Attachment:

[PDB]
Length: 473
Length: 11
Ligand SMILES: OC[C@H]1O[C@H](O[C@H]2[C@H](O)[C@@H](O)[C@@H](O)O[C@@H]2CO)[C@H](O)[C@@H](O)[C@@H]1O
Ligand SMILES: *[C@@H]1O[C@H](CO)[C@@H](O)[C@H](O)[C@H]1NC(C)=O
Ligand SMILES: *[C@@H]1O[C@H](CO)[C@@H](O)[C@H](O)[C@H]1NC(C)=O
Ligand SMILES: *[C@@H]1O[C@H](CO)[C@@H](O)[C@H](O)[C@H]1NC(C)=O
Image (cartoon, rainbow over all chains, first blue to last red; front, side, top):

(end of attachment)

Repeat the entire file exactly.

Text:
[PDB]
Length: 473
Length: 11
Ligand SMILES: OC[C@H]1O[C@H](O[C@H]2[C@H](O)[C@@H](O)[C@@H](O)O[C@@H]2CO)[C@H](O)[C@@H](O)[C@@H]1O
Ligand SMILES: *[C@@H]1O[C@H](CO)[C@@H](O)[C@H](O)[C@H]1NC(C)=O
Ligand SMILES: *[C@@H]1O[C@H](CO)[C@@H](O)[C@H](O)[C@H]1NC(C)=O
Ligand SMILES: *[C@@H]1O[C@H](CO)[C@@H](O)[C@H](O)[C@H]1NC(C)=O
Image (cartoon, rainbow over all chains, first blue to last red; front, side, top):